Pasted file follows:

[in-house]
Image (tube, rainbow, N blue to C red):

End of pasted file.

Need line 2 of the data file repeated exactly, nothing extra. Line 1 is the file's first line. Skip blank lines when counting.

Image (tube, rainbow, N blue to C red):